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Hi! I am working on finding limits using factoring, using a khan academy course. I am EXTREMELY confused, because they seem to magically erase numbers, and I do not know how they do so mathematically. In the below equation, I have no idea why they are able to remove the 1^2 that is in the denominator. How does this happen?

 

Here is the equation given:

 

((x-2) X (1 + sqrt(3x-5))) / 1^2 - (3x-5)

 

And it becomes:

 

((x-2) X (1 + sqrt(3x-5))) / -3(x-2)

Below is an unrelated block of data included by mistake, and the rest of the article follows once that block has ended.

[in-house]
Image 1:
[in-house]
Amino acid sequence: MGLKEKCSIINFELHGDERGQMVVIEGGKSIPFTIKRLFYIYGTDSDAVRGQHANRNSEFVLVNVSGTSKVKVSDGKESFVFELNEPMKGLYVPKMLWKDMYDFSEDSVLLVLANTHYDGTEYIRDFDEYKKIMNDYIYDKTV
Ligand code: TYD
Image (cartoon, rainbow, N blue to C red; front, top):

To be reduced to:

(1 + sqrt(3x-5)) / -3

 

How are we able to simply get rid of the 1^2?

 Dec 16, 2020
 #1
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Something else is amiss

 

1^2 = 1   right

soooo

1 - (3x-5) = 1 -3x +5  =   -3x + 6  =  -3(x+2)   

 Dec 16, 2020
 #2
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...sorry   -3x+6    should equal  -3 (x-2)

Guest Dec 16, 2020

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